Read Nick Cohen in today's Observer:
The idea that Index [on Censorship] could have been at the centre of a scandal would once have been absurd. It was founded by Stephen Spender in the early 1970s to fight for the right of Soviet dissidents to speak freely. Vaclav Havel, Nadine Gordimer, Salman Rushdie, Doris Lessing, Arthur Miller, Aung San Suu Kyi and many another clear and strong voice used its pages to denounce the suppression of opinion wherever it occurred. Yet when it contemplated the warm corpse of a film-maker who had been ritually slaughtered for dramatising violence against Muslim women, its instinctive reaction was so hateful it still has the power to shock six weeks on.Please read it all. (Hat tip: EG.)
In the 20th century, feminists had a little success in persuading Western liberals that women should be treated as independent creatures whose intelligence ought to be respected. But these small gains can go out of the window when brown-skinned women contradict the party line that religious fundamentalism is all the fault of poverty or racism or Bush or Israel and isn't an autonomous totalitarian ideology with a logic of its own.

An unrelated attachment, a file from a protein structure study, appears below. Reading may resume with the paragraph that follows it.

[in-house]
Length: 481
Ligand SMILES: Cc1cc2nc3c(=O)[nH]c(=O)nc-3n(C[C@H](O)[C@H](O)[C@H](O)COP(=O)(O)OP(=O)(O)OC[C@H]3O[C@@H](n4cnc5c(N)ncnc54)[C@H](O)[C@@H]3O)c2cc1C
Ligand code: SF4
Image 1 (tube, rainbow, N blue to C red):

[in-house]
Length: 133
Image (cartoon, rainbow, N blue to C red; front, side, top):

Why not go along with the new tough liberalism and, as David Blunkett is suggesting, make it a criminal offence to incite religious hatred? There are plenty of reasons why not; many were well made in the Commons last week, but MPs didn't point out that when society decides that people's religion, rather than their class or gender, is the cultural fact that matters, power inevitably passes to the priests and the devout for whom religion does indeed matter most.
To their shame, many on the left have broken with the Enlightenment to perform this manoeuvre. They have ridden the Islamic wave and agreed to convert one billion people into 'the Muslims'. A measure of their bad faith is that they would react with horror if this trick was pulled on them, and they were turned into 'the Christians' whose authentic representatives were the Archbishop of Canterbury and 'Dr' Ian Paisley.